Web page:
Each time the reader clicks “no,” they lose five hit points before progressing to the next paragraph. When the reader runs out of hit points, the game is over and they receive the “ultimate rejection” ending. If the reader makes it to the end of the game without running out of hit points, they receive the “successful submission ending.”


Since many pieces of Interactive Fiction involve “rooms” (literal or otherwise), flowcharts are an easy way to visually describe how your story connects. If you have a recent version of Microsoft Word, you can create a flowchart using the SmartArt tool. There are also flowchart templates online for various word processors or graphical editing programs, as well as online programs like Hand-drawn flowcharts are fine, too, so long as you write neatly!

example of a flowchart describing two paragraphs of gameplay, with arrows to show how gameplay proceeds

Other Diagram

There are many other kinds of diagram that lend themselves to describing interactivity. Tree diagrams, hierarchies, UML activity diagrams, etcetera. As with flowcharts, many of these can be created natively in the more recent versions of Microsoft Word by using the SmartArt tool, created from templates online, or hand-drawn and scanned in.

example of a diagram, with descriptions of two scenes of gameplay

Links to Examples

It can sometimes be helpful to provide a link to an example piece of Interactive Fiction that you think would be a good model to use for your own.

For example:

Because of the untrammeled genius of my creation, the best way to represent it as a piece of interactive fiction would be to transform it into an HTML-5 compliant version of Rick Astley’s “Never Gonna Give you Up” that hijacks the player’s browser and computer so that they can never, ever, ever, turn it off. (link) (P.S. I warned you.)

Photoshop, Drawings, or Other Mockups

If you’re a visual person, or your and words just won’t cut it, feel free to include mockups of what you think the finished piece of interactive fiction could look like. Programs that can be used to create mockups include Photoshop, GIMP, MS Paint, and good old-fashioned pencil-and-paper.

Audio and Video Files

Likewise, if your vision contains audio-visual materials, letting us see those will go a long way to showing us what your finished piece might be like.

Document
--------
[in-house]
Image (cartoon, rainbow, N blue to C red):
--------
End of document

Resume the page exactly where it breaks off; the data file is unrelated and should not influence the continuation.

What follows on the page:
Send Us Your Work!

Of course, the above methods are only examples. The number of ways you can format an interactivity proposal are limitless. If you have an idea that doesn’t seem to fit any of the methods above, and it describes your ideas clearly and in detail, go for it!

Regardless of the method(s) you use to describe how your story might be made interactive, the important thing is to provide sufficient detail for (1) our editors to envision your story as a piece of Interactive Fiction and (2) a coder to transform your story into it upon acceptance. So, for example, don’t say “When the player dies the screen changes.” but “If the player reaches zero hit points, the screen fades slowly to black.”

At the same time, you don’t want to provide too much detail. Strive for a balance of utility and clarity. Again, aim for “If the player reaches zero hit points, the screen fades slowly to black.” and not “If the variable hit points is reduced to zero by the function called minusHitPoints, then the game calls the function fadeToBlack which uses JavaScript to apply an absolutely positioned DIV with a black background-color and 0 opacity tag over the game screen and animating this element’s opacity to 1 with a 5000ms delay.” (Honestly, if that sentence makes sense, you’ll probably do just fine making the story interactive on your own!)

Of course, exceptions always apply. If there really is one super-specific technique that you think would be crucial to your story’s success as a piece of interactive fiction, definitely mention that, as well as where you heard of it and why you think it would be helpful.

One other important thing to keep in mind is that your proposal should be within the bounds of the reasonably possible. Don’t request things like a story hijacking the user’s net-activated toaster and reprogramming it to print images of Mahatma Gandhi on the next delicious bread product they insert, for instance. There’s a limit to what we can achieve.

It’s also useful to let us know if you’re willing to take a crack at the interactivity yourself upon acceptance or if you’d rather have Sub-Q staff do the leg-work. (Note that we do pay an additional per-word amount for interactivity.)

Once you’ve bundled your proposal together with your story’s completed prose, the only thing left to do is submit it.

We look forward to seeing your work!